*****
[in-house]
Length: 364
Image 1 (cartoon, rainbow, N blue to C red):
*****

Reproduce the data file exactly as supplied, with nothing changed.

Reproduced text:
[in-house]
Length: 364
Image 1 (cartoon, rainbow, N blue to C red):